The U.S. stock market ended the week higher as the U.S. and China reached a partial trade deal that could potentially broker a truce in the trade war. Interest rates also jumped higher as the 10-year treasury yield went from 1.52% last week to 1.75% today after the Fed announced that they will start to buy back treasury bills next week in order to mitigate the risk of money market pressures. The news of a partial trade deal between the U.S. and China also sent the price of gold lower as it dropped 1.4% to $1,489 an ounce. Meanwhile, an attack on an Iranian oil tanker sent the price of crude oil up to $54.78 a barrel, 3.5% higher than it was a week ago.
This Week's Economic Highlights
The Producer Price Index (PPI), a measure of wholesale inflation, fell by 0.3% in September as it continues to trend lower. Over the past year PPI has risen at 1.4%, its slowest rate in three years. However, core PPI (which excludes the volatile food and energy prices) has risen at a relatively stronger 1.7%.
The minutes from the Federal Open Market Committee (FOMC) September meeting showed that the Fed became more worried about the economy as they cut rates by another quarter of a percent. The minutes also showed discussions of a possible recession, with some Fed officials noting that the probability of a recession has “increased notably in recent months”.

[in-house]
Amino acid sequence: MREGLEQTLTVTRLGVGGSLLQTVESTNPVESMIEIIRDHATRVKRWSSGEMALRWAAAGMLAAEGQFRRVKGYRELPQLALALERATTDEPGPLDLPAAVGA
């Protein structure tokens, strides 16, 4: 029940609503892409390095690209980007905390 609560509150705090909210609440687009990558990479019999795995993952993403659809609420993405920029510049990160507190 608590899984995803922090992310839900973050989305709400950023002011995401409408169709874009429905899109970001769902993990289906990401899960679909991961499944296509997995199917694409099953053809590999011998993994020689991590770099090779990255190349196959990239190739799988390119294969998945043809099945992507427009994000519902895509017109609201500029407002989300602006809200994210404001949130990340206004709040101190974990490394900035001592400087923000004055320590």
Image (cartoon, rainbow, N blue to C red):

Initial unemployment claims fell by a relatively steep 10,000 to 210,000 for the week ending October 5th. However, the more stable four-week average of initial claims actually rose by a slight 1,000 to 213,750. Continuing unemployment claims, which lags initial claims by a week, increased by 29,000 to 1.68 million.
The consumer price index, a measure of retail inflation, was unchanged for the month of September. However, core CPI (which excludes the volatile food and energy prices) rose by a slight 0.1%. Over the past year, CPI has risen at a relatively low 1.7% while core CPI has risen at a relatively high 2.4%.
“We always mistake luck for skill in bull markets. Skill is best reflected in limiting downside in bear markets.”
– D. Muthukrishnan
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